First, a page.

A call of duty, Part 2

A Curse

January 17, 1991 (Thursday) . Nobody came to report for morning duty and the night sisters were still in the ward when I came to the Nursery at 7 am. I sent all the night sisters home and called all the available staff staying in the Hostel. Bombings, which started early morning of the previous day, still continued and can be heard by us. This prompted the transfer of the patients and babies from the second floor to the basement. Because of the haste of transferring the babies in cribs, the sound created by the wheels and cribs bumping each other started the fear among everybody and soon panic was all over the faces of both patients and the hospital staff.

While the babies in cribs were being transferred to the basement and some of the patients to the lobby, I was left in the Nursery giving instructions to my staff what things and equipment to be transferred as well. When I finally reached the basement, I was met by a tragic sight – mothers who had just delivered were panicking and shouting. I felt a strong compassion and pity for them and when I saw the babies all crammed in two small rooms, I cried. I cursed Saddam Hussein for what he did! I had a hard time controlling my tears; I had to be strong as everybody was looking up to me for support.

Later on the babies were transferred to the lobby, nearer to where their mothers were. I was very very tired then but I had to stay. I couldn’t leave the makeshift ward – both the male and female patients were lying in trolleys in the lobby – separated only by a cloth divider. I attended to some of the patient while at the same time managing the temporary nursery.

Iraqi dinars

Early September 1990. The hospital management started to pay the staff in Iraqi dinars. They multiplied our salary in Kuwaiti dinars to four Iraqi dinars. I was getting then ID750 or more depending on the number of hours I worked overtime. Later on, I stopped counting my overtime as there was no time even for me to recall when and for how long I was called. All the Iraqi dinars I received were given to a few Kuwaiti friends and used to buy food distributed to some Filipinos. I even shouldered the hospital bill of one Filipina who delivered a baby in the hospital. I found no point in keeping the money as I was not sure whether I’ll survive the imminent war or not.

By end of March, more than a month after Kuwait was liberated, we were still paid in Iraqi dinars. I refused to take my salary but was later on forced to claim it in early August because I wanted to give the money to a Jordanian baby (whose precious life I also saved during the Invasion) who was leaving Kuwait for good with her family.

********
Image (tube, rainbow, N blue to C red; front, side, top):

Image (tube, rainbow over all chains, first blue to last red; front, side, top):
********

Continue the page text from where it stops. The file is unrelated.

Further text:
Whatever Kuwait dinars I received in August 1990 had never been used as they belonged to the currencies cancelled by the Kuwait government. I still am keeping until now over a hundred dinars and from time to time would give a note or two to friends for remembrance.

At Jabriya Media Center

Early March 1991. I volunteered as a writer and helped in the setting up of an English paper at the Media Center in Jabriya. The paper, bannered as “Kuwait News” as per my suggestion, unfortunately, never materialized because by then, its mother paper, the Arabic “February 26” was stopped by the government for lack of license. Nevertheless, some of my work was posted on a bulletin board to form a part of an exhibit shown at the center.

Although my work at the center was a brief one, I found it very interesting and rewarding as I had the chance of working with some of the Kuwaiti resistants who stuck it out in Kuwait all throughout the Invasion. I also had the chance of seeing in person some of the “big” people of Kuwait bureaucracy.

A meeting with UN officials

March 20, 1991. A dialogue was held at the SAS Hotel between officials of the United Nation’s Center for Human Rights and the Filipino community in Kuwait. I was the spokesperson for the paramedical group and I got the chance of airing the hard situation we encountered while working during the Invasion. I expected so much from that meeting. I was hoping for a solution to some, if not all, of our immediate problems. The most I got from the dialogue was getting hold of a copy of a fax sent by Mr. John Pace, one of the UN officials we talked to, to the Permanent Mission of the Philippines in the UN Headquarters in Geneva. Whether an action was done as per Mr. Pace’s recommendations or not – that I do not know!

 

Author: Freda Editha O. Contreras
Published on: September 5, 2000

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